Time for Norway’s Telenor to come clean on involvement in Burma Army atrocities, say Rohingya
Posted On July 16, 2021
In light of Norway’s state-owned Telenor’s planned fire-sale of all operations in Burma, Rohingya refugees who pressured Norway to investigate Telenor’s involvement in atrocities at their village, say Telenor should now come clean about their role.
In 2020, the Norwegian government’s OECD contact point announced a formal investigation into whether Telenor had violated OECD guidelines by failing to perform due diligence before setting up a cellular network tower in the village of Alethankyaw in Northern Arakan. This would lay them open to complicity in the genocidal “clearance operations” which took place there.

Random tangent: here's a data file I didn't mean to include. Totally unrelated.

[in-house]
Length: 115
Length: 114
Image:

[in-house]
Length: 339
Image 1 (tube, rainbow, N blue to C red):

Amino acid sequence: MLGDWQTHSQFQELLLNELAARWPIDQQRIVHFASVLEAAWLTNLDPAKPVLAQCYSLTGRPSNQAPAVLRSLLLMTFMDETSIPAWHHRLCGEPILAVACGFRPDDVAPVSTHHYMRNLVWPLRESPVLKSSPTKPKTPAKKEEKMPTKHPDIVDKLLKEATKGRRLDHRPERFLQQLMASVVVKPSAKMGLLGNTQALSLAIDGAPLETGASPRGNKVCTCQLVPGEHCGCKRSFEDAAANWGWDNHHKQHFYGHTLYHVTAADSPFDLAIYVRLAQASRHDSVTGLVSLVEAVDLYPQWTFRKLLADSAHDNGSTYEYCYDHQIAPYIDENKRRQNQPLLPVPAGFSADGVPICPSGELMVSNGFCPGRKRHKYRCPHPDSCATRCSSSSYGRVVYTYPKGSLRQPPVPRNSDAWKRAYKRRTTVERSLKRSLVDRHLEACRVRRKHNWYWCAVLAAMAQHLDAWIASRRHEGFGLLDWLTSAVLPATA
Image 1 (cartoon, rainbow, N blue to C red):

The “Committee Seeking Justice for Alethankyaw” (CSJA), made up of local Rohingya villagers, have accused Burma government security forces of using the Telenor tower to shoot at Rohingya men, women and children fleeing from the village during the last week of August 2017. The high tower platform provided the Burmese forces with a unique strategic location to shoot at and terrorize Rohingya villagers over a wide radius in the sprawling village. It is also alleged that some of the over one hundred Alethankyaw residents killed during the operation were disposed of under the Telenor telecom tower. With the announcement of Telenor’s planned sale of its subsidiary in Burma, the spokesperson for CSJA is concerned that Norway will now abandon the investigation as part of its efforts to cut its losses and flee justice in Burma. “Rather than attempt to run and hide from its actions, Telenor should come clean and share all the details and evidence about their relations with the Burma Army and what happened at their Alethankyaw tower.” said Ramat Ullah, CSJA spokesperson. The complaint under investigation alleges that Telenor was actively working together with the Burma Army for security and local intelligence for their telephone tower site. The complaint further details how Telenor was already aware of the Burma Army’s atrocities in Arakan State in 2016 and should have withdrawn its investments from the region instead of continuing the tower construction in 2017. Since CSJA launched the complaint in 2019, Telenor has provided almost no internal information on the events at Alethankyaw other than the previously undisclosed name of the company they were leasing the tower from. This was revealed to be the Irrawaddy Green Towers company, the same company who Telenor has now said will purchase its entire Burmese telephone operations at a fraction of their original cost. “Norway’s Telenor has a duty to divulge all the evidence they have before selling. By cooperating with us to seek justice, they can begin to repay their debt to our people for their collaboration in the genocide,” said Ramat Ullah. At the time of writing, Norway has not yet made any public announcement about whether it will abandon the OECD Telenor investigation.